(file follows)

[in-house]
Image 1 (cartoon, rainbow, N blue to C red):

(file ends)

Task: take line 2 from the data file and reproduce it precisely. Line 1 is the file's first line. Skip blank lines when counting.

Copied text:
Image 1 (cartoon, rainbow, N blue to C red):